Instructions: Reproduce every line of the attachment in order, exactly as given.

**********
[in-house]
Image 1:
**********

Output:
[in-house]
Image 1: